Source: USA Today
By: Weise, Elizabeth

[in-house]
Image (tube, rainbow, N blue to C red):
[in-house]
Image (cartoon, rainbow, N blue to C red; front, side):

The Centers for Disease Control and Prevention (CDC), seeing declines in flu-like illnesses across the country, says this year’s flu season appears to be lessening, though it is not over yet. “Maybe there’s not as many people out there who are sick but flu is still all over,” said Lyn Finelli, chief of influenza surveillance at the CDC. “We have 31 states that have flu in every corner of their state.” The CDC said that this year’s flu season hit early, affecting the East Coast hard around the end of December—nearly a month earlier than usual—but the season is winding down earlier as well. One indicator for the CDC that the flu season has begun is when over 2.2 percent of all doctor visits in the country are for influenza-like illnesses. According to the CDC’s FluView report, 3.2 percent of all recent doctor visits were for flu-like illness, down from 4.2 percent in the previous week. The rate in the last week of December was 5.6 percent. Finelli said that the elderly are being hospitalized at “dramatically high rates” this season. Whereas usually 30 to 40 senior citizens are hospitalized per 100,000 in the population during flu season, this year the figure is about 140 per 100,000. She noted that this year’s flu strains include H3N2, which can be particularly hard on older people, and that, unlike with younger people, individuals over age 65 may not have a fever with their flu. “The elderly need to be aware that they don’t necessarily get a fever when they get influenza,” she said. “So when seniors have a cough, body and muscle aches or headaches and they just feel really knocked out, they need to call their doctors and get in and get treated.”
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